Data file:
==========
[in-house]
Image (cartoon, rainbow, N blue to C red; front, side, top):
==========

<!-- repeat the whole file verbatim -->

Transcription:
[in-house]
Image (cartoon, rainbow, N blue to C red; front, side, top):